Footnotes

  1. 1.

    Cécile Laborde, Liberalism’s Religion (Cambridge, MA: Harvard University Press, 2017), pp. 150–159.

  2. 2.

    Laborde, Liberalism’s Religion, p. 151. As she puts it in an earlier essay, ‘nothing in orthodox political liberalism prevents a religious majority from entrenching its symbols within the state, provided members of religious minorities are otherwise treated as free and equal citizens (according to principles of justice)’ (Cécile Laborde, “Political Liberalism and Religion: On Separation and Establishment”, Journal of Political Philosophy, 21 (1) (2013), p. 82).

  3. 3.

    She refers specifically to the role played by religion in Madagascar and Senegal. See Laborde, Liberalism’s Religion, p. 142.

  4. 4.

    See especially Martha Nussbaum, Liberty of Conscience: In Defense of America’s Tradition of Religious Equality (New York: Basic Books, 2008).

  5. 5.

    Laborde, Liberalism’s Religion, p. 136.

  6. 6.

    Within the UK, the relatively strong form of establishment enjoyed by the Church of England contrasts with the much weaker form manifested by the Church of Scotland, while the Anglican churches in Wales and Northern Ireland are fully independent of the state. This serves to underline that ‘establishment’ can mean a number of different things in practice.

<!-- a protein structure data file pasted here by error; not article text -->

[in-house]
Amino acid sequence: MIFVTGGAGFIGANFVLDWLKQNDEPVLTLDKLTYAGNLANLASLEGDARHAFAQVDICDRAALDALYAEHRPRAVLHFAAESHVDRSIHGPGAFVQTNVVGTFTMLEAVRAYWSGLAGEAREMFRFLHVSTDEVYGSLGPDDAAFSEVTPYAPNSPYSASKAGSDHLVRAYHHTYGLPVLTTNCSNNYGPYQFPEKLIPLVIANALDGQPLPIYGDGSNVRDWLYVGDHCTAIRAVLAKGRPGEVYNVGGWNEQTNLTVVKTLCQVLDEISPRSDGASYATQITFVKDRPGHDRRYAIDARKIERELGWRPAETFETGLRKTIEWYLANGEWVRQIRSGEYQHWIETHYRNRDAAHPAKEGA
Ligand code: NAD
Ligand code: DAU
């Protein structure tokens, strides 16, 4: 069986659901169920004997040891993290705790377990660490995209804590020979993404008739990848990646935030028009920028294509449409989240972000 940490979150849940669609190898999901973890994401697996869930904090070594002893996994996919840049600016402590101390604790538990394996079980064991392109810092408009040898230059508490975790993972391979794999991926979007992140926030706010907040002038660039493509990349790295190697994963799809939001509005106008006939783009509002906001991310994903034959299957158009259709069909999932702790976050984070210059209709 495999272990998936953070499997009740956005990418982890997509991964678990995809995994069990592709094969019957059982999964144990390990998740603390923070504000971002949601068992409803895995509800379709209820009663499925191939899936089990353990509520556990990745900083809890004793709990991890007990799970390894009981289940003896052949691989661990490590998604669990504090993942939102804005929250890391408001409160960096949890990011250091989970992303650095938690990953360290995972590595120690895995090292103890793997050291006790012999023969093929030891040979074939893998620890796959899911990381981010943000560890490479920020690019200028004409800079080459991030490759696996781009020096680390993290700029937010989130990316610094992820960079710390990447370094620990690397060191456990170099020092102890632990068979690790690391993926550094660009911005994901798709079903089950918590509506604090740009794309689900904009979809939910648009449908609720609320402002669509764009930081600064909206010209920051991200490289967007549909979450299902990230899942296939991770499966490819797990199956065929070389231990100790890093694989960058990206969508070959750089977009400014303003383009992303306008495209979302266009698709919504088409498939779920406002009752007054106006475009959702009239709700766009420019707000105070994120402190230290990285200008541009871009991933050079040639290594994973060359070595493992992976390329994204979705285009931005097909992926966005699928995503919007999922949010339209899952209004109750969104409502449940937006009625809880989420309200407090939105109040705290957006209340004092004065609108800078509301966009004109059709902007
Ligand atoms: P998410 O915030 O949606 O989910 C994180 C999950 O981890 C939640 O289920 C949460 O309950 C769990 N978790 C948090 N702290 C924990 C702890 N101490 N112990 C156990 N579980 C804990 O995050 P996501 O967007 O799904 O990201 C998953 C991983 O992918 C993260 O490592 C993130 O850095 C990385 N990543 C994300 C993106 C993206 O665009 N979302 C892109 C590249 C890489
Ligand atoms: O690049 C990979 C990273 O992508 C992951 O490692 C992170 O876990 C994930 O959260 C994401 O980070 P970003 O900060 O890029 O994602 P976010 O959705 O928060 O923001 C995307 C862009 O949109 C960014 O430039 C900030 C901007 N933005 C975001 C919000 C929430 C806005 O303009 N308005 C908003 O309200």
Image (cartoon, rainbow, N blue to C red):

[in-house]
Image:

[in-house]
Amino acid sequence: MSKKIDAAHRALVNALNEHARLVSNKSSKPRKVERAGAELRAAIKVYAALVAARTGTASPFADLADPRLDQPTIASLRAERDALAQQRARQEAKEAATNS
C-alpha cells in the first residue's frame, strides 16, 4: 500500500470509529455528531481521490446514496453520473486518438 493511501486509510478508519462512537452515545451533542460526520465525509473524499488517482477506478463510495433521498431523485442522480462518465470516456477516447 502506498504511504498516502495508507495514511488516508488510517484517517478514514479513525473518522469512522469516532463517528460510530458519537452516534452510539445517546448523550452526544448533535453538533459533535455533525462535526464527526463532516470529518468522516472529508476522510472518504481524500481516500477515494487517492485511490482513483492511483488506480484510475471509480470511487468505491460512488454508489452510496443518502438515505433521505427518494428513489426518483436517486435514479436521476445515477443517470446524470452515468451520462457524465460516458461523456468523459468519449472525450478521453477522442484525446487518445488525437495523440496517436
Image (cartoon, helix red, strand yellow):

7. 7.

    I do not, in fact, accept the premise that all valid political reasons are public reasons. However, it might be felt that the establishment of a church counts as what Rawlsians would call a ‘constitutional essential’, and must, therefore, be defended by appeal to reasons that are accessible to people outside of that confession.

  8. 8.

    All quotations from David Hume, The History of England (London: Frederick Warne and Co., 1884), Vol. III, p. 129.

  9. 9.

    See Rex Ahdar and Ian Leigh, Religious Freedom and the Liberal State, 2nd ed. (Oxford: Oxford University Press, 2013), pp. 100–109.

  10. 10.

    In the case of the Church of England, see, for example, Colin Buchanan, Cut the Connection: Disestablishment and the Church of England (London: Darton, Longman and Todd, 1994); and Theo Hobson, Against Establishment: An Anglican Polemic (London: Darton, Longman and Todd, 2003).